Negro, Emilse; Williner, MarÃa Rosa
Introduction: Cocoa butter, which contains 33% oleic acid, 25% palmitic acid and 33% stearic acid, would have neutral effect on plasma cholesterol levels. Dark chocolate (DC), milk chocolate (MC), white chocolate (WC) and center filled chocolate (CFC) and confectionery baths (CB) may contain different proportions of cocoa butter as well as milk fat, industrial fat or a mixture of them which add trans fatty acids (t-FA) with a diverse impact on health depending on their source.
Objective: To evaluate the fatty acids (FA) profile, including t-FA and their origin, and legislation compliance in chocolates and CB produced in Argentina.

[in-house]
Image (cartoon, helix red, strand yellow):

Methods: To analyze the FA composition, a Shimadzu GC2014 gas chromatograph equipped with a capillary column SP-Sil 88, 100 m x 0.25 mm internal diameter (Varian, USA) was used.
Results and discussion: DC showed a FA profile characteristic of cocoa butter. Different is the case of the other types of chocolate and CB since this profile was modified by the addition of other fatty matter that increase the quantities of atherogenic FA (lauric and myristic acids) and decrease the stearic and oleic acid, which have a neutral role and beneficial to health, respectively. Added to this, the presence of tFA of industrial origin in the CFC and CB, further reduce the nutritional quality. However, in all cases, when t-FA exceeded 0.2 g/portion, they were declared in accordance with the law.
Conclusions: Only DC would have a neutral effect on plasma cholesterol levels. In the other chocolates and BR, the presence of other fat matter, some with high t-FA content, would decrease the nutritional quality